Sledgehammer Sau feeling right at home

Sledgehammer Sau feeling right at home

​The BT Murrayfield faithful have become accustomed to Eroni Sau’s ferocious style of play in the last year - writes James Parsons.

The Fijian sensation - nicknamed 'The Sledgehammer' - has enjoyed settling into his new home in the capital city with his family, and this month he was delighted to welcome a new baby boy to the world.

“It’s always a blessing, he’s settling well!" said Sau.

“It’s special for me, having grown up in a village in Fiji to see my son born here in Scotland. It’s something I’m really proud of.

“I’d love for both of my sons to play rugby, and I’ll be proud if they choose to play for Fiji or for Scotland.”

Like many parents, Eroni has had to adapt this year to the new normal, with homeschooling and YouTube workouts becoming a big feature in the Sau household.

“It has been ok for us. Most of the time I’m out playing rugby and working, so during lockdown my kids were really happy because I spent a lot of time with them.

“The first two weeks of homeschooling was good, I don’t think the kids were enjoying it as much after two months!

“I also really like doing home workouts with the children on YouTube, I want to keep them active because they love eating!”

During rest and days off, Eroni and his family enjoy trips into the city, and the capital has started to feel more and more like home for the former Fijian Sevens star.

“Everybody is so friendly, and there’s lots of positivity. People always say hi in the shops, it’s the same as at home, everyone seems to care for each other, and will ask you how you’re doing, and how the family is.

“Before COVID, we always went out in the city during my days off. One of our favourite places is Inverleith park. We always go there if the sun is out, and we go to meet the other Fijians there, it feels like a family.

“My kids enjoy living in Scotland, they’ve been making friends. We also like to go to the castle, although my kids think that every building is a castle, they’re always pointing at buildings shouting that there’s another castle!”

The Fijian family at Edinburgh Rugby has been expanding lately. Sau was happy to join Bill Mata at the club, and the recent arrivals of Mesu Kunavula and Lee-Roy Atalifo have added to the Fijian community in Scotland.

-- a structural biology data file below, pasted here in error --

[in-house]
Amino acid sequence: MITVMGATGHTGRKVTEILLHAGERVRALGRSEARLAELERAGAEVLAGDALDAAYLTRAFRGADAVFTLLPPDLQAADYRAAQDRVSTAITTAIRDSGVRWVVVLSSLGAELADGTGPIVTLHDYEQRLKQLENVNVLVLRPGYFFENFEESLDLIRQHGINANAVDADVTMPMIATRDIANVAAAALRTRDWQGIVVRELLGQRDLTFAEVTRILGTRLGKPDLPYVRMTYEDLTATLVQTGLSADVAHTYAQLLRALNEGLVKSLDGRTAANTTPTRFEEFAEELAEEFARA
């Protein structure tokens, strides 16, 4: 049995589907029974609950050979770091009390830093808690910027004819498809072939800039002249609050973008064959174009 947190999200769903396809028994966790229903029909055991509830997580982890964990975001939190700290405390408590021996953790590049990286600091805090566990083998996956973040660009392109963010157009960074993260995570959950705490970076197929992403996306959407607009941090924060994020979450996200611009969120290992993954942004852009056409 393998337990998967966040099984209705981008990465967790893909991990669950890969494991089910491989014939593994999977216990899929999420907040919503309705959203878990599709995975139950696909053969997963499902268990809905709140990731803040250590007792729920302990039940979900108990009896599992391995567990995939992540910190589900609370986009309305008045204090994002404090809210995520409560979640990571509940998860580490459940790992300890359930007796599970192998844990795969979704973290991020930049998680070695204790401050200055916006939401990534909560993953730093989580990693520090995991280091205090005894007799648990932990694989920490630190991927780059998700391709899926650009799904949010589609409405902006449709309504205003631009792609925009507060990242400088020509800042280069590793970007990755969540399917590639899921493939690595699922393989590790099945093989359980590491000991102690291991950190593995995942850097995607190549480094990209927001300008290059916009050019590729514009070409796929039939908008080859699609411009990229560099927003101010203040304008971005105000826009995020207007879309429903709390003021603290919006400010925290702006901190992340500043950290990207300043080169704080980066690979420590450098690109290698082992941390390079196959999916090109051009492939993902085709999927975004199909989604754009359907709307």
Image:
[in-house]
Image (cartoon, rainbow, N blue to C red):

“It’s always great to be with other Fijians around the world. I knew Bill was here, and he was really happy that I was coming over to play with him.

“It’s part of our culture to see each other, we always look after each other. I’ve always looked up to Bill, and it’s good to be here with him and his family. “

Eroni’s path to his new home in Edinburgh has seen him play across multiple codes and formats of the game. Sau grew up playing rugby league with local side, Saru Dragons, before the winger was encouraged to play rugby sevens.

Since then he has made 58 apperances for the Fijian sevens side, won a silver medal at the Gold Coast 2018 Commonwealth games, and played in France with USA Perpignan before making his move to Edinburgh.

“I grew up playing rugby league and dreaming of playing in the NRL! I came close to playing for the Fiji Bati at the Rugby League World Cup in 2013.

“After I had my daughter I joined the police so that I could have a job and still play rugby. You can work for them and play rugby at the same time.

“From there I was recruited to play for the Sevens team. I count my blessings, and grab everything that comes. I’ve worked hard to get where I am now.”

Since his arrival in Scotland, Sau has entertained Edinburgh fans with his physical style of play, and has been able to bring a different set of skills that compliments his back-three colleagues.

“It’s good to play with guys like Darcy Graham and Duhan Van Der Merwe, in some ways you see how they are better than you, but there are other things that I do better than them, so it’s good to learn and compete with them.

“My style comes naturally to me, but I work hard to make sure I can maintain my body so that I can be physical in the game.

“It’s a lot of work in the gym to maintain my strength, so that I can play the way I know I can."

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